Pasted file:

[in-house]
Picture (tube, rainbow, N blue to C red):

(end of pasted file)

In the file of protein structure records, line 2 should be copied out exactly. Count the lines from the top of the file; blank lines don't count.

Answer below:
Picture (tube, rainbow, N blue to C red):